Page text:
Both authors explore Critical Race Theory in detail. As I previously mentioned, CRT is one of the most important developments mainly in the legal studies department. Why? Because in a time where there were no critical legal studies pertaining to minorities. A small group of intellectual figures gathered to create CRT.
Throughout his closing arguments, Atticus is constantly trying to show both the jury and the people of Maycomb why this case should never have gone to trial and he does so with a lot of emotional appeal. An example of this is seen when he states “To begin with, this case should never have come to trial. This case is as simple as black and white” (271). This quote uses powerful language such as the phrase “as simple as black and white” which shows how a case with seemingly blatant evidence proving Tom Robinson’s innocence, is undermined by the prejudice which exists in society at the time. Atticus argues that the whole reason this case had ever gotten to this point is because of the racial inequality in Maycomb and throughout the country at the time.
Henry Lafayette Dubose shows both how the racism in Maycomb was very present and how it was normalized too. She normalizes racism when she called Atticus a “nigger lover”. Her using this phrase shows that she saw it as shameful to treat coloured folks equally, and she is very comfortable with saying it. Her racism is also clear when she says “Your father's no better than the niggers and trash that he works for!” [Lee 110]. She is showing how present racism is in Maycomb because she thinks that coloured people ranks as “trash” and that she is better than them.
To commence, characters such as Tom Robinson and Boo Radley were key elements in helping to exhibit the theme of the novel. The novel focuses around a rape trial, Tom Robinson being accused of raping a 19 year-old woman named Mayella Ewell. Tom being innocent isn’t even taken into consideration due to the fact that he’s a black man. Atticus Finch, a respected local lawyer takes on the case trying to make the jury look past the fact that Tom is black. To bespeak, Atticus states the following, directing it to the jury, “You know the truth, and the truth is this: some Negroes lie, some Negroes are immoral, some Negro men are not to be trusted around women- black or white.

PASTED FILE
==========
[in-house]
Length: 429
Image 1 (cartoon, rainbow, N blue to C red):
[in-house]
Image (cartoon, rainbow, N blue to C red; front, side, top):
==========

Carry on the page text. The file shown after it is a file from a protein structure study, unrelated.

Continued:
Although these children were raised in a community full of racial bias, the important people in their lives, Atticus and Calpurnia, combined with their experience at the trial, transfigured their opinions. Two White children in a Southern town, crying
Everyone wants the perfect parental environment when growing up. Unfortunately, this doesn’t hold true for many. In the story To Kill a Mockingbird, the children are lacking a mother and their father is so busy with his job, he doesn’t always get to spend quality time with them. An African-American woman, Calpurnia, however, tries to serve a much needed role in this story. “Yo’ folks might be better’n the Cunninghams but it don’t count for nothin’ the way you’re disgracin’ ‘em if you can 't act fit to eat at the table you can just sit here and eat in the kitchen!” This is one of many examples Calpurnia sets for Jem and Scout.
No matter the colour of the defendant’s skin, a white woman should not hold him accountable for an undeserved charge as a result of guilt and shame. Atticus appeals for racial equality, by accentuating that Mayella Ewell is guilty of a compassionate moment with a black man, and that it is not an excuse for a rape charge. This closing argument has been recognised as one of the 20th centuries most impressive messages in emphasising racial justice and a move for an integrated
One of the events where the discriminant black people unfairly is when Atticus takes a case where tom robinson is accused of rapeing a girl. Even though atticus made some very good points and even exposed the ewells, Tom robinson still got put in jail even though it wasn't him. But if tom was white he probably would have been proven not guilty. They also say in the book that black people are the lowest in social structure, the second would be the ewells and so on. White people treat them really poorly.
Aunt Alexandra can be identified as a narrow-minded and obstinate person who is blinded by her own beliefs to see the wrong and bias in her mentality, along with many others today. Unlike Atticus, Aunt Alexandra fails to acknowledge Calpurnia’s contributions to the family simply because she doesn’t honor the value of people with darker skin. It proves that if people within a family are unable to look at racism and its damage from the same perspective, it is not possible for everyone in this world to become a righteous human being. Similarly, Francis believes that his “...Uncle
Through Scout’s eyes and Harper Lee’s voice, multiple cases of social injustice, primarily racism, are exhibited via excellent use of irony, symbolism, and humor. Irony - the use of phrases that contradict one another - is evident throughout most of the book. In chapter thirteen, Aunt Alexandra (the elitist and stubborn sister of Atticus) unexpectedly comes to live at the Finch residence, as she claims “it would be best” for Jean Louise “Scout” Finch (the curious, tom-boyish narrator) “to have some feminine influence” in her life (Lee 170). Upon learning that Scout would like to visit Calpurnia’s (the strict yet nurturing maid of the Finch residence) house in chapter fourteen, Aunt Alexandra’s discrete racism is introduced as she is extremely opposed to the idea. Later in the chapter, Scout overhears Aunt Alexandra discussing with Atticus (Scout’s detached father) how he’s “got to do something about her,” her being Calpurnia.